While the Indian Premier League (IPL) has set a high benchmark for inter-club Twenty20 leagues around the world, Australia’s Big Bash League (BBL) turned out to be a hit last year with record attendances.

“We are up to BBL 5, and in the last two years it has changed a lot of Australian cricket. Every match was sold out; there were 80,000 at the MCG and this is domestic cricket, not international and there were 50,000 at the Adelaide Oval. People want to come and watch,” said former Australian fast bowler Geoff Lawson after completing an eight-day coaching clinic at the Payyade Sports Club here on Saturday.

Lawson, incidentally, had coached the IPL team, Kochi Tuskers Kerala.

The 58-year-old Australian, who has spent a lot of time in Lahore coaching the Pakistan national team, said the television audience for the BBL is significant. “The BBL goes on for five weeks. It’s held during the school holidays and all kids are admitted to the grounds free; if you are under-15 you go free. The mothers and fathers go. The weather is good; it’s summer time, warm evenings… all perfect for the Big Bash. People go home and switch on the TV at 7 O’ clock. They don’t really care who is playing. They are not following the Sydney Sixers or Sydney Thunders or the Brisbane Heat. They just watch the game. A lot of people who never watch cricket watch the Big Bash. All kids, from the age of five to nine, go and see the Big Bash; they will be cricket fans forever. Australia is a cricket country, not quite as much as India though,” said Lawson.

When asked if the BBL will affect Test cricket, Lawson said, “In Australia, interest for Test cricket has always been high. People always ask, ‘Will the Big Bash take people away from Test cricket?’ The answer is no. They actually bring people to Test cricket. We introduce people to cricket, which is 20-over cricket. Then, they watch Test cricket as well. All the young kids want to watch Test cricket.”

Lawson doesn’t believe that bowling skills have improved because of Twenty20. “I saw a survey on TV last night; it asked which skill has improved the most in the IPL. The response from 80 per cent was that bowling skills have improved. I have never seen such rubbish in my life; it’s absolute trash. And 14 per cent said that the IPL has improved batting skills. Batsmen are reverse sweeping sixes, they are ramping 150 kmph (of delivery) for a six, they are doing a whole lot of things they never really did. Bowlers have gone downhill.

“Bowlers are now forced into a role where they are going to bowl into a small zone. You can only bowl one bouncer an over. They get called for a wide if it is a little bit away. Bowlers have lost so much in 20-over cricket. It’s ridiculous. The ball swings two or three overs. The bats are getting bigger and bigger. The spinner bowls beautifully, the batsman swings the bat and it goes for a six. Bowling skills and bowling rewards have crashed.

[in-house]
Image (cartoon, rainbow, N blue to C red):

“The IPL, basically, is a six- and four-hitting contest. That is what it’s been reduced to. You see the occasional twos. There’s no skill in running between wickets, no skill in fielding in the in-field. There have been very few caught and bowled (victims); catches are basically taken in the outfield. The IPL has changed the face of cricket. We need to redress that and give the bowlers a chance. And also in the IPL, they have got the boundaries in. In Australia, at least we have the boundaries out. At least, most of the times, the mis-hits get caught. The bowlers have lost a lot in 20-over cricket.”

‘Gayle, you are not in Jamaica’

Lawson was of the view that people have to be sensitive and respect local cultures. When asked if Melbourne Renegades — a franchise in Australia’s Big Bash League —did the right thing by not renewing Chris Gayle’s contract for BBL-6 for talking inappropriately to The Times reporter, Charlotte Edwardes, Lawson said, “You have got to be sensitive to the culture you are playing in. If I go to Pakistan to coach, I have got to be sensitive to their Islamic culture. If I come to India, I have got to be sensitive to what people do here. And, Chris is behaving exactly like he would in Jamaica.”

Lawson further said: “You have to understand … when you are in a different circumstance, different environment, what is the best way to behave. That applies to everybody, not just to Chris Gayle. I don’t agree when he says ‘that’s how we behave in Jamaica’. Yeah, fine, but you are not in Jamaica. You have to think about it before you open your mouth. It’s the same for Indians in Australia, Australians in India or Indians in England, it is the same thing. I don’t think what Chris has done is a major offence, but it still shouldn’t have been done. It is not a big deal but a big enough deal.”